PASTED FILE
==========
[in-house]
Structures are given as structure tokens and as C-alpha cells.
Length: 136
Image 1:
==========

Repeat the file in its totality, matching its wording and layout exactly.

[in-house]
Structures are given as structure tokens and as C-alpha cells.
Length: 136
Image 1: